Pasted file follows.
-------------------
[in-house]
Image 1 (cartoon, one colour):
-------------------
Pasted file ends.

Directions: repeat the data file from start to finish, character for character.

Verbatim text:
[in-house]
Image 1 (cartoon, one colour):